Apologies for not having blogged lately - but I promise it's not because I've been lazy! I've been keeping myself very busy with several new commitments, and before that, E and I went on a spontaneous camping trip to the middle of nowhere, which I highly recommend if you're too short on cash to take a holiday to a tropical island, but still want to get away from cellphones, internet, civilisation... total peaceful bliss.
We weren't feeling very peaceful or blissful upon our return, though; the long drive back had left us tired, cranky, and most of all, hungry, as long drives back from the middle of nowhere are inclined to do. And in light of the fact that E was about to leave Wellington for a couple months at his parents' house, we headed to one of his favourite Turkish restaurants, Harem in Manners Mall.
The first thing you notice upon entering is this rather striking grotto-like staircase that leads to Harem's upstairs dining room.
Stalagtites hang from the ceiling, illuminated by colourful lights... this definitely isn't your average restaurant entryway.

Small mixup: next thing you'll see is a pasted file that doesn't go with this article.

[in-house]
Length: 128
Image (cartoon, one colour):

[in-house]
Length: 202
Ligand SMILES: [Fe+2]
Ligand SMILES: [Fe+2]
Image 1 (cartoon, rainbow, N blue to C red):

Inside, the dining room is less cave-like but just as whimsically decorated, with stained glass, stone walls, and little nooks and crannies housing various objects.
Upon being seated, E and I were surprised with some complimentary garlic bread (menu price $6.50). I'm not sure if this is a usual practice at dinnertime, since we usually go to Harem for lunch, but our grumbling stomachs appreciated the gesture. A divinely chewy Turkish bread (which also forms the base for Harem's Turkish pizzas), slathered with garlic butter - I had forgotten how good garlic bread can be.